2017: The Year For Social Entrepreneurs
Social Entrepreneurship is a modern concept born out of necessity. In the developed world, social entrepreneurs emerged as a group who needed to innovate at a faster rate than government funded charities. Whereas in the developing world, social entrepreneurship came about as an answer to the inexistence of government support and systemic difference in social ideologies. While both examples differ from one another, they are fundamentally rooted in an opposition to, or desired absence of, government.
So when people ask if the incumbent president Donald Trump has any impact on the landscape of social entrepreneurship, the simple answer is no, and the more complex answer is never. Social entrepreneurs are a group who operate mutually exclusively from government parties. In a lot of ways this election has called upon social entrepreneurs to work harder, because their businesses will need to supplement the social programs at risk of being defunded.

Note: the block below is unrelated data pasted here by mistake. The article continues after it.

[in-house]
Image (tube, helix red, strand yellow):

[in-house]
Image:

Planned Parenthood, The National Immigration Law Center, and Greenpeace are just a few of the progressive organizations that face an uphill battle in the coming four years. They can benefit from the support of social enterprises, whether that be through innovative fundraising initiatives, or by creating companies that find ways to provide additional social services to their clients.
If you need further proof that 2017 will be the year for social entrepreneurs, look no further than the idea that in just 10 weeks has become a movement, spurring hundreds of thousands to head to Washington, D.C. this Saturday, January 21st and even more to march in their hometowns.
Julie Kent is a fellow at Net Impact and member of the San Francisco Professional Chapter. Do you have an opinion piece or story you’d like to share on the Net Impact blog? Let us know.